“Zits” Explains Why Kids Can’t Do Anything Anymore

If Zits comics aren’t cut out and affixed to your refrigerator yet, it’s only because your kids are still young. Otherwise, you couldn’t resist. That’s why I’m glad a reader sent in this one to stick on the collective Free-Range Kids Fridge. For more Zits, click here!


Ah, logic!



21 Responses to “Zits” Explains Why Kids Can’t Do Anything Anymore

  1. Jerri November 25, 2009 at 3:26 am #

    we are still putting baby blues on our refrigerator. but this is so funny. only a few short years and I’m sure this will be replacing it.

  2. Laura (LS) November 25, 2009 at 3:39 am #

    I get both Baby Blues and Zits delivered to my emailbox on a daily basis. They crack me up so hard… even though I swear the Baby Blues artist has a camera planted in my house. One of these days, I’ll find that camera….

  3. AirborneVet November 25, 2009 at 4:09 am #

    Yes, I read that one this morning. Bwua ha ha ha!

  4. Jan S November 25, 2009 at 4:11 am #

    I laughed out loud. Do as I say not as I did, that’s my philosophy! LOL

  5. Hope C. November 25, 2009 at 4:21 am #

    My son started putting Zits on our fridge about a month before her turned 13. Subtle hint from him to “let go”? Methinks!

  6. Gord November 25, 2009 at 5:20 am #

    Ha, I totally did that trip when I was 18… drove from Sarnia, Ontario (near Detroit) to Denver and back over a couple of weeks… greatest trip I’ve ever done in a car!

  7. Bob Davis November 25, 2009 at 5:23 am #

    Even my wife (who never had to deal with small children or teenagers) likes Zits. I would say to the kid, “Yes, you can go on a road trip–WHEN your room is removed from the Superfund toxic waste site list.”

    Several years ago, the story line was about the boy’s favorite band and how Dad drove him to a show, and wound up helping the musicians set up their gear (not sure of the details–I think the “roadie” flaked out). Dad saw they needed a hand, so he got to hang out with the band and received an official guitar pick as a memento. The son was “over the moon” when Dad gave the souvenir to him and the story went of from there. (a little “off topic” but I’m an “honorary roadie” for a local band)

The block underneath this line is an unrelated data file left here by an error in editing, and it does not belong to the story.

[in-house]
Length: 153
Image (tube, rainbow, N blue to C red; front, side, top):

8. Chris November 25, 2009 at 6:24 am #

    I’m having a problem that this comic touches on. I try to be as rational and scientific as I possibly can and try to correctly interpret risks. I usually compare any risk to traffic accidents (“Well, you’re much more likely to be involved in a traffic accident…”). As a result of doing that, I think I may over-estimate the traffic risks so I think I freak out a little too much when my kids are on the road. My daughter just started college about 4 hours away and my son is 15 and just got his learner’s permit. My nerves can barely handle it whenever she drives from here to school and back. I usually trust them and their friends to do pretty much whatever they want as long as I’m informed, but road trips make me exceptionally nervous (even though, of course, I participated in several when I was their age).

  9. Jan S November 25, 2009 at 7:09 am #

    A rational and scientific approach to teen driving is to realize that, statistically speaking, teenagers are inexperienced drivers who get in more accidents. So worrying about them is not unrealistic.